The word virgin is spoken perhaps three dozen times within the first ten minutes of The Best Man.
In Emilia in 1899, virginity is a big, urgent deal. Not only must a bride-to-be, Francesca (Inés Sastre), be intact; even the teenage boy chosen to help put on her special stockings for the wedding has to be pure. However, when Francesca's bawdy, wild-haired, bug-eyed cousins are asked whether they are virginal enough to make up the nuptial bed, they merely roll their eyes.
Francesca is betrothed to Edgardo (Dario Cantarelli), a solid, honourable, businessman type. There is nothing loathsome about Edgardo; he is simply not Francesca's choice. Chaffing at the unromantic ethics of an arranged marriage, Francesca looks across during her moment of truth at the altar and spies the older, darker, suaver Angelo (Diego Abatantuono) – and it is he that, in her own mind and heart, she secretly marries.
Naturally, this makes the prospect of marital consummation a little tricky for Francesca. As she flees crying from her wedding night bed, every member of this large, gathered family begins racing about, speculating and counselling. Even before Angelo is spotted pashing on with the bride, he becomes the centre of this familial storm: his previous lovers are now pining widows, ever ready to pounce.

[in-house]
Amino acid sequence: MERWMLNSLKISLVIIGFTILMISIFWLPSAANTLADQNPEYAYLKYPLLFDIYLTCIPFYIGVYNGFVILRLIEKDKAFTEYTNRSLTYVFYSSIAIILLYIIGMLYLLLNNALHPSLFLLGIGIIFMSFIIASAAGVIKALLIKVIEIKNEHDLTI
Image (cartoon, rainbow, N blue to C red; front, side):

The Best Man is a familiar but pleasing romantic fantasy. Writer-director Pupi Avati (Bix ) is a veteran of Italian cinema. His portrait of the dated social manners of a large group of people is fluent and affectionate rather than satirical – often recalling Jean Renoir's Rules of the Game (1939), but without the bite.
Nostalgia prevails for Avati – particularly in a charming scene where Angelo puts on a lantern slide show for the assembled, rapt throng. This tone puts his film closer to the misty-eyed comforts of Cinema Paradiso (1988) than the tougher, more truly elegiac drama of Visconti's The Leopard (1963). The Best Man is militantly light, but satisfyingly so.
Abatantuono, a seasoned performer who will be new to most non-Italian viewers, exudes an easy-going charm, ruffled by just a touch of moral anxiety and shyness. Sastre (a Spanish actor whose role here is entirely dubbed) projects much as she did in Antonioni's Beyond the Clouds (1995) – an exquisite creature with a permanently sad and vacant expression.
MORE Avati: A Heart Elsewhere
© Adrian Martin October 1998